Safe Work Australia has released Australia's "first comprehensive WHS guidance" on preventing workplace sexual harassment, acting on a national inquiry's recommendations to produce the document and drive home the message that sexual harassment is a major work health and safety issue.
"WHS duties require employers do everything they reasonably can to prevent sexual harassment from occurring at work, just like other risks to health and safety," SWA said in launching the guide and supporting documents yesterday.
The Australian Human Rights Commission's national inquiry into workplace sexual harassment made 55 recommendations, including that: the Fair Work Commission be given powers to issue "stop sexual harassment" orders; the model WHS regulations be amended to better deal with psychological health; and WHS guidelines against sexual harassment be introduced "with a view to informing the development of a Code of Practice" on the issue.
The inquiry found sexual harassment is a pervasive problem in workplaces, and identified "an urgent need" to raise awareness that it is a WHS issue.
SWA's new guidance states that sexual harassment "is covered by WHS laws as it is a workplace hazard that creates physical and psychological risks to health and safety".
It is also prohibited by state, territory and national anti-discrimination laws, while acts "such as indecent exposure, stalking, sexual assault and obscene or threatening communication (eg. phone calls, emails, text messages and posts on social media) may also be offences under criminal law", it says.
"All of these laws work together to address sexual harassment to create safer, healthier, more respectful and productive workplaces."
Employers "must do whatever [they] can" to eliminate the health and safety risks posed by workplace sexual harassment – through identifying the hazards, assessing the associated risks and implementing and reviewing control measures – and they must do these things in consultation with workers and (if they have them) health and safety representatives, the guidance says.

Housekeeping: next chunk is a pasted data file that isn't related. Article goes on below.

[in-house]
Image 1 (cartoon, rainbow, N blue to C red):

It notes factors that can increase the risks of sexual harassment include low worker diversity (where the workforce is dominated by one gender, age group, race or culture), power imbalances (such as where one gender holds most of the management positions), hierarchical structures (as in the law enforcement, medical and legal sectors), and workplace cultures where "small acts of disrespect and inequality are ignored and reports of sexual harassment or inappropriate behaviours are not taken seriously" – conduct that "can escalate to other forms of harassment, aggression and violence".
Other risk factors include the use of alcohol in a work context, work in restrictive spaces like cars or in remote locations where there is limited supervision, and working-from-home arrangements, which "may provide an opportunity for covert sexual harassment to occur online or through phone communication", it says.
On the consultation requirements, the guidance stresses that "drawing on the experience and knowledge of workers is more likely to result in the identification of all hazards and better risk management solutions".
Among many tips for identifying sexual harassment hazards, it says managers should conduct workplace walk-throughs to assess the physical environment for, for example, areas with limited natural surveillance (like meeting and store rooms), areas that restrict movement or prevent workers maintaining their personal space, and potentially offensive posters or pictures.
They should also: assess how workers interact with each other, managers and third-parties in online work environments; and the use of social media for work purposes, it says.
The new guidance against workplace violence provides advice on preventing and responding to face-to-face, phone or online workplace violence and aggression by providing a safe physical work environment and implementing safe systems of work.
If you need assistance with your policies, documentation or training in this area (including bullying and harassment training for your employees), contact the MTA Workplace Relations team on 8291 2000 or at email@example.com.